Exfoliating the Skin: Which Option is Best for you?

Written by: Kelsie Matthews, L.E


As most of us know, it is very important to have a complete skin care routine that addresses all of our needs and concerns. One of the most vital steps in our regimen is exfoliation. Although the first thing that comes to mind when they hear that word is scrubbing your face, there is much more to it than that. There are scrubs, masks, enzymes, brushes, peels, facial treatments, and even more options for exfoliating the skin. So how do you know which one is right for you?

Scrubs and Brushes


One of the most popular methods to exfoliate the skin is physical/mechanical exfoliating. Mechanical exfoliation is the process of gently sloughing away dead skin cells from skin’s surface through motion rather than by employing the use of chemicals (for example acid). This method of exfoliation is good for all skin types. Some of the most common things to use for this are different types of scrubs or facial tools. Scrubs typically are made out of some type of particle such as jojoba beads, crystals, or gel beads mixed in with a product. My favorite physical exfoliant is the ZO Exfoliating Polish. This product has magnesium crystals which provide exfoliation benefits. It instantly polishes the skin to restore smoother texture and a healthy glow. It also removes dead skin cells to prevent clogged pores and reduce blackheads. It also has vitamin A, C, and E which provide antioxidant protection and hydration of the skin.


Another thing many people love to use for exfoliating their skin are brushes/scrubbers like the Forreo or Clarisonic. These devices are pulsating brushes typically made of bristles or a silicone material. They gently exfoliate dead skin, while providing a deep cleanse of the pores. The brushes with traditional hair-like bristles are best for more resilient/oily skin, whereas the silicone ones are best for dry and sensitive skin types. These are great for people who want to amp up their cleansing routine, as long as you follow proper sanitizing procedures to keep the brush heads as clean as possible. 



Chemical Exfoliants


In addition to physically exfoliating, you can also use chemical products to exfoliate your skin. These include alpha and beta hydroxy acids, as well as enzymes. These exfoliants are acids that react with the skin, removing built-up layers of dead cells and excess oil that can cause dull skin and blemishes. Some of the most common ones used are glycolic, lactic, and salicylic acid. These come in a wide variety of products. Some are liquid peeling solutions, or they can be in serums, lotions, or cleansers. My personal favorite chemical exfoliant for at home use is the  SkinMedica AHA/BHA Cleanser. This product has glycolic, salicylic, malic, and lactic acid in it. Although it sounds like a lot, it is still safe for all skin types, and does not cause physical sloughing of the skin like a chemical peel.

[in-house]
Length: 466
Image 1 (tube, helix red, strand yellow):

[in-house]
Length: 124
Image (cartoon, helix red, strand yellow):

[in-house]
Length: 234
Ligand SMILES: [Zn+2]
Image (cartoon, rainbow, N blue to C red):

Another way to chemically exfoliate the skin, is with an actual chemical peel treatment. Chemical peels are acid solutions applied to the skin in layers, which causes the skin to slough off in the following days after the treatment. Check out my other post about peels to learn more about what they can do for your skin.

When do I Exfoliate?


Depending on your skin type, exfoliating should be incorporated in your routine anywhere from 1-3 times a week. The potency and type of exfoliant determines how often it should be used. Gentle exfoliating cleansers/scrubs can be used multiple times per week, whereas stronger chemical exfoliants are typically only used a couple times per month or sometimes even less (use as directed by your Esthetician or Dermatologist). 


It is important to exfoliate in some form at least once per week in order to remove dead skin cells that build up on the top layer of skin, as well as cleaning out debris from the pores. When the skin is not properly exfoliated, it leads to dry, flaky, and dull skin. It can also cause premature fine lines and wrinkles. On the other end of that, over exfoliating can cause discoloration, tightness, and irritated skin. This is why it is important to talk to an Esthetician or medical provider to ensure you are exfoliating an appropriate amount for your skin type. 


Here at L Aesthetics & Longevity, we like to start off our patients with a complimentary VISIA analysis and skin consultation. A customized skin care routine is built specifically for you that way all your needs are being met. 


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